S&P Global: Việt Nam's PMI declines slightly amid pick-up in demand

Thursday, Nov 02, 2023 13:36

Mazda cars are assembled at Vina Mazda factory in central province of Quảng Nam. — VNA/VNS Photo

The Việt Nam Manufacturing Purchasing Managers' Index (PMI) as reported by S&P Global, edged down to 49.6 in October from 49.7 in the previous month, indicating a second consecutive monthly decline in the manufacturing sector.

It was the second straight month of decline in factory activity, as output continued to shrink while new orders grew the least in the current sequence of expansion, with new export orders softening.

S&P Global’s report points out that overall business conditions in the Vietnamese manufacturing sector deteriorated slightly in October as firms continued to scale back production despite modest improvements recorded in new orders.

The number of new orders has increased for the third consecutive month, indicating some improvement in customer demand. However, the growth rate remains slight and is the weakest in the current upturn, S&P Global said.

The incomplete statistics show that customers are still hesitant to commit to new orders.

Employment was broadly unchanged in October, thereby ending a seven-month sequence of falling staffing levels, while backlogs of work declined at the strongest rate since June 2021.

Meanwhile, purchasing activity continued to rise solidly, expanding for the third month running amid efforts to build reserves of inputs ahead of expected increases in production.

On the price front, input and output cost inflation accelerated to an eight-month high due to currency weakness and rising oil prices.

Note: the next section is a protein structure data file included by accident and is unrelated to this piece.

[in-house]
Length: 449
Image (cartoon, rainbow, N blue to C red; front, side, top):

According to S&P Global’s survey, a further build-up of inflationary pressures was signaled at the start of the fourth quarter, with both input costs and output prices rising at sharper rates.

Moreover, the respective rates of inflation each hit eight-month highs. The rising oil prices have pushed up input costs, with higher prices for fuel and plastics among those feeding on from rises in the cost of oil.

On the other hand, finished goods inventories also decreased as manufacturers used inventory to meet new orders instead of increasing production.

According to Andrew Harker, Economics Director at S&P Global Market Intelligence, PMI data last month painted a similar picture to that for the end of the third quarter this year.

New orders continued to rise, but only at a modest pace and one which wasn't sufficient to encourage firms to expand their production. Instead, manufacturers were content to draw down inventories of finished products to satisfy demand.

There was some more positive news on the employment front as a seven-month period of job cutting came to an end. This, along with rising purchasing and positive sentiment, suggests that firms are becoming more confident that recent demand improvements will be sustained in the next months, he added. — VNS

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